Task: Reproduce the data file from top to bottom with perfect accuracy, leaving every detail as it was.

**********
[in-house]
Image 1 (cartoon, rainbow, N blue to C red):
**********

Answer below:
[in-house]
Image 1 (cartoon, rainbow, N blue to C red):